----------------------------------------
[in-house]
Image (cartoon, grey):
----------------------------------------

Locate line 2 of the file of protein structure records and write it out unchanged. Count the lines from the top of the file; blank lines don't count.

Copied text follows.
Image (cartoon, grey):